It was an amazing conference and I just covered a small portion of it; there was so much more.  I didn’t cover the Networking events or the trade show exhibitors.  I didn’t cover the new connections formed at the lunch tables and during the 1.5-hour bus ride in rush hour traffic from Zebra.  The conversation was captivating as we discussed technology processes from “back in the day”!

What a conference… Did I say I enjoyed it?

Karen.

THE PHARMA SESSIONS

Dirk Rodgers, Founder of RxTrace

Thanks Karen!  Well done.  I had my hands full (actually, my head-full) with just the pharma sessions so your reporting is very helpful.  I also attended two site visits: the Macy’s store on Michigan Avenue, to see their use of RFID, and the McKesson pharma distribution center in Aurora.

Dr. Connie T. Jung, RPh, PhD, Senior Advisor for Policy, Office of Drug Security, Integrity, and Response (ODSIR), Center for Drug Evaluation and Research, Office of Compliance, U.S. Food and Drug Administration discussed the US FDA Drug Supply Chain Security Act (DSCSA).  For those of us who follow the DSCSA developments closely, there was nothing new in her presentation.

A very interesting session was presented by Ta-Jen (TJ) Chen, Project Management Officer, FDA/CDER/ Office of Strategic Programs, U.S. Food and Drug Administration on Identification of Medicinal Products (IDMP).  IDMP is a set of five International Organization for Standardization (ISO) standards that are designed to work together to uniquely and unambiguously identify medical products, including standard ways of identifying things like dosage forms and units of measure for strengths.  The National Drug Code (NDC), GS1 GTIN and SGTIN fit into distinct layers of IDMP.  I hope the reason the FDA is building expertise in IDMP is to come up with the modern replacement for the NDC, but I’m not holding my breath (see “NDC Nearing Its End, Afflicted by ‘Identifier Failure’” and “How To Properly Define GTINs For Your NDCs”).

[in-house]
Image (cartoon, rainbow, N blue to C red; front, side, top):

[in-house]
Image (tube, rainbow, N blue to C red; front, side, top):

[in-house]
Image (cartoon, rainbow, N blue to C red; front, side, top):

Industry traceability veteran and leader, Mike Rose, Vice President, Supply Chain Visibility, Johnson & Johnson, U.S., spoke about the European Union (EU) Falsified Medicines Directive (FMD).  Mike is a leader within the supply chain groups of the European Federation of Pharmaceutical Industries and Associations (EFPIA) and his presentation demonstrated a solid understanding of the current state of the regulation and industry preparations for meeting it.

ANVISA 1.  The current timeline.  From Bianca Zimon’s PPT.  Click image to enlarge.

For me, the best presentation of the day came from Ms. Bianca Zimon Giacomini Ribeiro, Deputy Chief Adviser for International Affairs, National Agency of Sanitary Surveillance (Anvisa).  Ms. Zimon spoke about Pharmaceutical traceability in Brazil.  She provided a brief history of traceability regulations in Brazil (see also “Brazil Gets Rational With Their New Pharma Traceability Law”, and “Brazil Publishes RDC-157 To Regulate 2017 3-Lot Pilot”).  It’s always nice to see such a clearly designed timeline (ANVISA 1) and sample barcode (ANVISA 2) from a regulatory agency.

ANVISA 2.  Sample IUM from Bianca Zimon’s PPT.  Click image to enlarge.

As I have observed in the past, Brazil has shown an incredible willingness to learn from their mistakes and those of others—to the point of terminating their whole traceability regulation and starting over…at the legislation level!  They are on a very rational path now and I, for one, applaud them for what they have done.  I’m looking for greatness in their future.